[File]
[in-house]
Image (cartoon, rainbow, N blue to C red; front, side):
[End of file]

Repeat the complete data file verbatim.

[in-house]
Image (cartoon, rainbow, N blue to C red; front, side):